Informacion economica sobre Cuba

Will Cuba follow China's path?
By ZHANG QUANYI
Column: Global Survey
Published: March 27, 2008

SHANGHAI, China, Cuba's National Assembly smoothly transferred the
country's presidency from Fidel Castro to his brother Raul Castro last
month. Although the succession was within the Castro family, the world
in general acclaimed this power transfer, hoping it would give Cuba a
new face to the world.

Former President Fidel Castro controlled the Caribbean island for 49
years. He was both a revolutionary and a symbol of nationalism to his
country. In 1959 he overthrew the regime of General Fulgencio Batista,
though the regime's collapse can be attributed as much to internal decay
as to the challenge of Castro's revolutionary movement.

The Cuban government later progressively dissolved the capitalist
system, establishing a centrally planned economy, which largely resulted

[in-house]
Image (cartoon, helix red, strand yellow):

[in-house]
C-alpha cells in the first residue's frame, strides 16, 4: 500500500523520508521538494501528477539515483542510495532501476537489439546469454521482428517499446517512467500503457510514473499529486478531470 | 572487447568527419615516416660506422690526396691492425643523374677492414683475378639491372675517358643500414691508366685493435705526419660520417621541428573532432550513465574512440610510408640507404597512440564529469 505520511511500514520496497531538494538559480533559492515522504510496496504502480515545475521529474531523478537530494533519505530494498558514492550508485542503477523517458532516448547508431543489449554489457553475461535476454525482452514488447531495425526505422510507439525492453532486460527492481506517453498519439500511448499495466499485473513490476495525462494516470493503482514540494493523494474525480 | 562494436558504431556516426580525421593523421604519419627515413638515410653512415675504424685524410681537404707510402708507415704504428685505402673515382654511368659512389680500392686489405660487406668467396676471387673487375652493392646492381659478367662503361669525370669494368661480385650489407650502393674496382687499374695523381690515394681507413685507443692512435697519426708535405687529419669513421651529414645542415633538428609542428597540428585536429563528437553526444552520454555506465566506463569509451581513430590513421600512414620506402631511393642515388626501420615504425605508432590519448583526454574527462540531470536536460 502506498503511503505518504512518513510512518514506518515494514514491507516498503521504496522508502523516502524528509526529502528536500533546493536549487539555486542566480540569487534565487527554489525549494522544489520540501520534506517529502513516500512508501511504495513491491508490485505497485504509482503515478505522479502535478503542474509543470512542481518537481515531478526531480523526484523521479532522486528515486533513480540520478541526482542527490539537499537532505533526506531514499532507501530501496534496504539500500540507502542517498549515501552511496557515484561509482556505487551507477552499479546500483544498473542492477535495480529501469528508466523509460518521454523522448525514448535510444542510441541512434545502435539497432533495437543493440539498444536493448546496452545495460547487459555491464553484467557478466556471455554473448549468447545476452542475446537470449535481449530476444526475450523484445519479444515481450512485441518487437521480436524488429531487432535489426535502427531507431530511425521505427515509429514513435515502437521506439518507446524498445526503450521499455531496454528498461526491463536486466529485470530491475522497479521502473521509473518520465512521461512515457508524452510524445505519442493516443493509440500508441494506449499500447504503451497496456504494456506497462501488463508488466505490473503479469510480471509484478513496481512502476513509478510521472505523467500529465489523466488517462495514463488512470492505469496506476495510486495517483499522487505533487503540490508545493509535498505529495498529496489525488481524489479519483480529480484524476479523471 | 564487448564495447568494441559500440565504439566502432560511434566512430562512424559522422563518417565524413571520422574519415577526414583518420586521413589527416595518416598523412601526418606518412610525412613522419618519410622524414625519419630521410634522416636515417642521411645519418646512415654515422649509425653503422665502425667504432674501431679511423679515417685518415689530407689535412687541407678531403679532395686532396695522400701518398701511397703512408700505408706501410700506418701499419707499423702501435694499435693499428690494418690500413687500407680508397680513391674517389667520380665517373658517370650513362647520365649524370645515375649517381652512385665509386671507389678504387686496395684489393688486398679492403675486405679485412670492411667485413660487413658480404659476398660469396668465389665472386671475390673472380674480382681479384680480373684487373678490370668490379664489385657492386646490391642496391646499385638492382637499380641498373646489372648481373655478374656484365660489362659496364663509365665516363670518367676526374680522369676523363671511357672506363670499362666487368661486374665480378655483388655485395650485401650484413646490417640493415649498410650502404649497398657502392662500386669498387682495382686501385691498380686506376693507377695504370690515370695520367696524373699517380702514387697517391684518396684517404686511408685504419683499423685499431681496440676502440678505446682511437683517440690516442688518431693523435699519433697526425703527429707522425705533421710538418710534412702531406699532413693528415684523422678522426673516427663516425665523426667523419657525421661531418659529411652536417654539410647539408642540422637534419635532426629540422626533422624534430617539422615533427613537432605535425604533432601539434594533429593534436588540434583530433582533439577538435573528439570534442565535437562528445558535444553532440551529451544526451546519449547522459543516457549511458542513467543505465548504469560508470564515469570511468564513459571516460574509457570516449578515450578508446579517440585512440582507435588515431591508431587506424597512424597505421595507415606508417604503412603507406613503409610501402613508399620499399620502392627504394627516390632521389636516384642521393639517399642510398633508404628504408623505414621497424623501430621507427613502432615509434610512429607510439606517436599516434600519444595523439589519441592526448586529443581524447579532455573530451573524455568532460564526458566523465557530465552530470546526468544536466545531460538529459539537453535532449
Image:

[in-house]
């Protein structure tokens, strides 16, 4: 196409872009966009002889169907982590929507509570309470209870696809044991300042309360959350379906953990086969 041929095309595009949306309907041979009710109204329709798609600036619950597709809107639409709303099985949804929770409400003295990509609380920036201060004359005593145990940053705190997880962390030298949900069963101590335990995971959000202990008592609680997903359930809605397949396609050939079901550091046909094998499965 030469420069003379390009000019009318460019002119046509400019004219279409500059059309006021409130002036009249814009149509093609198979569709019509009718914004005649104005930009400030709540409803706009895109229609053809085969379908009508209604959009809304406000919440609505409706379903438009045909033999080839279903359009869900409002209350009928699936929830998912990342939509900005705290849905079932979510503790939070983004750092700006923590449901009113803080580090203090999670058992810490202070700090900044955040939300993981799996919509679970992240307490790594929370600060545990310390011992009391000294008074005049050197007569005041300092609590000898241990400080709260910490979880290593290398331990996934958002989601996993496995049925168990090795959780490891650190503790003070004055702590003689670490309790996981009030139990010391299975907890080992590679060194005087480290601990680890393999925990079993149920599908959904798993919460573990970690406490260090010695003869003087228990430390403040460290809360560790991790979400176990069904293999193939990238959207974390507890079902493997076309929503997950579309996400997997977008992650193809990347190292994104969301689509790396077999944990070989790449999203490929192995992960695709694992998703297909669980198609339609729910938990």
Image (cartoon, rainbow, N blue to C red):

in Cuba's present difficult situation.

Cuba was largely dependent on the Soviet Union until its collapse, and
isolated from international markets dominated by the United States. The
United States has embargoed the country since the 1960s, and extended
its policy in 1996 to penalize foreign companies that deal with Cuba.

Cuba's economy is now in a state of bankruptcy. Wages are inadequate,
housing and transportation are in crisis and the health and education
systems — once the pride and joy of the revolution — have deteriorated
badly. There are insufficient supplies of food, medicine and basic
industrial products. High unemployment has destabilized the country
economically and politically.